Consumer Groups Accuse Facebook of Duping Children


WASHINGTON — More than a dozen children’s advocacy groups on Thursday accused Facebook of knowingly deceiving children into racking up fees from games on its social network, the latest in a string of complaints against the company sent to federal regulators.

The groups called on the Federal Trade Commission to investigate whether Facebook violated consumer protection and child privacy laws by duping children into making in-app purchases in games like Angry Birds, PetVille and Ninja Saga, and then making it nearly impossible for children or their parents to seek refunds. The accusation stems from a 2012 lawsuit.

The complaint, filed by 17 groups including Common Sense Media, Campaign for a Commercial Free Childhood and the Center for Digital Democracy, says the purchases were often done without a parent’s permission. In some cases, they amounted to hundreds or thousands of dollars.

“Facebook’s exploitative practices targeted a population universally recognized as vulnerable — young people,” the groups said in the complaint.

In Washington’s greater focus on the power of Big Tech, Facebook has taken center stage. The social network’s role in state-sponsored election interference, harmful content and privacy violations has set off a push for new privacy laws and multiple investigations of the company. Next week, Congress will debate proposals for a federal privacy law.

The F.T.C. started investigating Facebook in March after The New York Times reported that the data of tens of millions of Facebook users was unknowingly shared with the political consulting firm Cambridge Analytica. The agency is in the final stages of that investigation, with staff members and Facebook negotiating over a potential settlement that could include a multibillion-dollar fine and new restraints on the company’s business practices, according to people familiar with the talks.

The consumer groups do not believe the complaint will be included in the F.T.C.’s privacy investigation of Facebook because that case appears to be nearing its completion.

But the children’s advocacy groups said they hoped their complaint would continue a drumbeat of pressure for Facebook to take more forceful steps to change its business practices oriented toward children.

“This is a pattern of behavior,” said James Steyer, chief executive of Common Sense Media. “Facebook has a moral obligation to change its culture towards practices that foster the well-being of kids and families, and the F.T.C. should ensure Facebook is acting responsibly.”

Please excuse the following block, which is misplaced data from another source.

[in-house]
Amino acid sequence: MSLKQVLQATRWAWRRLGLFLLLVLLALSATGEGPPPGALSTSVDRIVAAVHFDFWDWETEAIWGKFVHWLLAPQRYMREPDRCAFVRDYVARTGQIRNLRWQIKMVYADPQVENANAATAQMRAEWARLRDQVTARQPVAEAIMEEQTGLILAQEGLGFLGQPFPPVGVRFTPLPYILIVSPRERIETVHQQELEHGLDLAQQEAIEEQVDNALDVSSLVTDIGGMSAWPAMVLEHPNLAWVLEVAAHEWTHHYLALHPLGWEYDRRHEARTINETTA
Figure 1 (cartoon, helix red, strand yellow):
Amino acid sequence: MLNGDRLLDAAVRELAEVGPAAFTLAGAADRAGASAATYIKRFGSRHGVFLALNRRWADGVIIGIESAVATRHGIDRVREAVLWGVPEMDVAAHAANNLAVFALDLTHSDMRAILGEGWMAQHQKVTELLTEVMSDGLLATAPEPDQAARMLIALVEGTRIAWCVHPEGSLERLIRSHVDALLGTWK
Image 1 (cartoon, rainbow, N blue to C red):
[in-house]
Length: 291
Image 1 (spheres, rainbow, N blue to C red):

In a statement, Facebook said that in 2016 it had updated some of its policies governing purchases by minors.

“We have in place mechanisms to prevent fraud at the time of purchase, and we offer people the option to dispute purchases and seek refunds,” the statement said. “As part of our long history of working with parents and experts to offer tools for families navigating Facebook and the web, Facebook also has safeguards in place regarding minors’ purchases.”

The F.T.C. declined to comment.

Details about the in-app purchases came from court documents that were unsealed at the request of the Center for Investigative Reporting, a nonprofit journalism organization. The documents were part of a class-action lawsuit brought in 2012 and settled in 2016 for an undisclosed sum.

The 135 pages of unsealed documents included internal corporate memos and emails in which Facebook employees encouraged game developers to create features that would get children to make credit card charges while playing games. In many cases, the children did not realize that their parents’ credit cards were attached to the games or that they were spending real money, the consumer groups argued in their complaint.

The F.T.C. polices consumer fraud, deception and unfair practices and is well versed in the issue of in-app purchases — the charges made within an app and directly charged through iTunes or Google Play stores, for example.

In 2013, the agency started an investigation into major charges by children using in-app purchases for things like “gold coins” in smartphone games. The F.T.C. reached a $32.5 million settlement with Apple and a $19 million settlement with Google over accusations that children were deceived into making such purchases and that the companies did not properly disclose to parents that they were being charged for their children’s purchases.

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